Just some background on Indomie, an Indonesian based brand. Indomie is the world’s largest instant noodle manufacturer. Their noodles are seasoned with many Southeast Asian flavors. Their brand is not as prevalent in the United States as Maruchan, Nissin or Nong Shim. However, their varieties can be found easily in Asian specialty markets.
This review is on the popular Satay flavor. Satay is a traditional dish that originated in Indonesia and spread throughout Southeast Asia due to its popularity. Satay comprises of skewered and grilled meat that is usually served with a sauce made of peanuts and coconut oil. The current background to this blog is actually chicken satay that Jen and I ate on the day of this blogs conception. Anywho, on to the review!!!
Indomie actually packages their ramen in the traditional block package form that was popular before all these fancy cups and bowls existed. (This is actually our first non-bowl ramen review!) The package looks smaller than comparable brands in America. But then again, this was not developed specifically for the American Market (where everything is larger). It is an attractive package that clearly labels this as a stir-fry noodle (Read: no soup) . The primarily writing is in English with several phrases including translations in Chinese and Indonesian. The graphic is an attractive depiction of the potential of this noodle , but it depicts way more noodle than is actually included in the package.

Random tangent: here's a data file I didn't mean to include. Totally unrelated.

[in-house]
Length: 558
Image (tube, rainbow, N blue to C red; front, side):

Ease of Preparation 1/2
The instructions are just to boil the noodles until soft or to desired doneness, and then drain them and mix with all of the flavor packets (more on this later!) This is a little more annoying than other instant noodles but the effort is worth it!
These noodles are meant to be eaten “stir-fried” style which is what Mi Goreng means in Indonesian. Don’t worry, you do not have to stir-fry these yourself. . These noodles are darker in color as they are 62% wheat flour. I don’t think this is particularly healthier than other ramen blocks as they are both deep fried before packaging. What was interesting was that the water after cooking these noodles were a neon green/yellow. When cooked correctly (not too soggy), these noodles are springy and absorb the flavors of the sauce.
These noodles came with 5 flavor packets (sachets). This is the most flavoring that I have ever seen in a instant noodle packet. The foil packets contain Bumbu sauce powder and chili sauce powder. A quick google search states that Bumbu sauce is another name for satay sauce. In the clear packets were Minyak Bumbu Seasoning oil, Kecap sweet soy sauce, and Bawang Goreng Fried onions. The instructions say to mix to taste, but this was my first time trying this flavor and I mixed in all of the flavor packets. The resulting flavor was a deliciously nutty, oniony, garlicky and spicy all at the same time. You can really taste the difference of the sweet soy sauce (I keep a bottle of this in the fridge at all times). The crispy onions added a different texture that I appreciated.
This is different noodle than most college students usually eat. The slight increase in preparation difficulty is worth it in my opinion. The soupless result is a refreshing change of pace. If you can ignore the prominent use of MSG and the weird green water, I would definitely recommend Indomie’s Mi Goreng Satay flavor. My only regret when eating this was sharing a bite with my roommate, as there were not many noodles to begin with.
Total Score 11/15